The Trump presidency is real – now what?

Social media has changed the reporting landscape but could a return to traditional coverage result from the Trump presidency?

I’m sitting in a hotel in Harrisburg, Pennsylvania. I just watched the state’s electors, all 20 of them, decide to follow their state’s popular vote and give their all-important vote to Donald Trump.  

The Electoral College was created by the founders in order to keep someone unqualified or under the influence of a foreign government from reaching the highest office in the land. Those opposed to Trump saw that as a no-brainer because they really don’t think he is capable of carrying out the duties required.

There were about 200 people protesting outside. It was just one of dozens of protests at state capitols across the country – a last-ditch attempt to keep Trump from making it into the White House. They failed here and everywhere else.  It’s now real, there is no stopping it. The billionaire businessman and reality TV star is going to be the next president of the United States.

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There were two Trump supporters proudly flying a very large Trump flag. Many of the protesters tried to engage them in debate. I watched for a while, each and every one eventually walked away from the discussion. They were civil but talking in circles. I, of course, interviewed the Trump supporters. I was surprised by a couple of their statements.

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Robert Cini, a retired factory worker, told me that former secretary of state Hillary Clinton outspent Trump five to one during the campaign. I informed him that simply wasn’t true. In fact, she did outspend him but by a two to one margin. He didn’t seem to believe me. 

He told me that President Barack Obama has ruined the economy. I informed him the unemployment rate was about 10 percent when he came into office and was under 5 percent now. He laughed off my numbers and said they were not a real reflection of the situation. I asked him where he got his information. He told me he watches and listens to different programmes. 

These are obviously shows that tell flat-out lies, but that is perfectly fine in the United States. The first amendment protects all speech. The thought of having a licensing board to make sure the truth is being told on the airwaves here would never survive a court challenge.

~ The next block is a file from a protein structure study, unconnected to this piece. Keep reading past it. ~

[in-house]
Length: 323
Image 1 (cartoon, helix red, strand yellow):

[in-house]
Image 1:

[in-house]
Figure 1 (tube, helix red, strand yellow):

That got me thinking, where do we go from here? Clinton received almost three million more votes than Donald Trump. A recent poll found 52 percent of Republicans still don’t believe that is the case. They think Trump won the popular vote.  He didn’t. It seems, though, that facts are now up for debate.  

I believe the American media is a big reason why Trump is going to be president. Every single time he talked he was put on the air. He received billions of dollars in free advertising. His opponents barely got on TV or in the newspapers. In the beginning much of what he said wasn’t fact-checked. It was good for ratings. He made their bosses money. 

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Towards the end of the campaign, journalists started fact-checking but his voters were no longer listening. The media was largely irrelevant in this campaign and that is new. I was struck by what the editors of Time magazine wrote when naming Trump person of the year. They wrote in the introduction that Trump reminded everyone that “truth is only as powerful as the trust in those who speak it”.

How can the American media change the perception of so many that they are deceitful hacks? There is no easy answer. Social media has changed the landscape. On the internet it is easier to make fake news look like the real thing. So what now, American media? 

The only thing I can think of is to keep working, but be better. If an American television network wanted to begin regaining the trust of viewers the first thing it should do is move their headquarters out of New York City. New York does not resemble the country at all. It’s a bubble and if you are in a bubble you can’t hear anything happening outside it. They need to stop paying their anchors and bosses millions of dollars. 


Edward R Murrow worried about that. He asked how can you relate to Americans if you aren’t experiencing what they do on a daily basis. Journalism needs to be a calling again, not a way to gain “celebrity”.

My thesis in graduate school was on the historical and cyclical nature of sensational journalism. The premise was that whenever new technology made news available to the masses, sensational journalism thrived. Historically, a major disaster or world event brought serious, real news back to the top of viewers’/readers’ attention.

If Donald Trump doesn’t deliver, his voters may return to traditional news. If they do, the American news media needs to be ready. They need to be better. They need to stop trying to curry favour and cover the “easy” story, the horse race, etc. They need to cover the issues that people care about and to do that they need to know what those are. 

They need to challenge more. They need to hold the powerful to account. If they do that, if the people come back into their fold, journalism might matter again. Facts might be exactly that, facts. If not, then we will enter a new stage of this republic. The fourth estate, the final check on the checks and balances will disappear. What does that mean? I truly hope we don’t find out.

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Source: Al Jazeera


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